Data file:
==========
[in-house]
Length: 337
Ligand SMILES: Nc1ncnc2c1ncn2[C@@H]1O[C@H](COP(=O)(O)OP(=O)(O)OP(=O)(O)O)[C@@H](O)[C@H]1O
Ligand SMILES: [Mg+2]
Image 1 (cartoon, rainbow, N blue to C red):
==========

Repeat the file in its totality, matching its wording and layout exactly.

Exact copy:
[in-house]
Length: 337
Ligand SMILES: Nc1ncnc2c1ncn2[C@@H]1O[C@H](COP(=O)(O)OP(=O)(O)OP(=O)(O)O)[C@@H](O)[C@H]1O
Ligand SMILES: [Mg+2]
Image 1 (cartoon, rainbow, N blue to C red):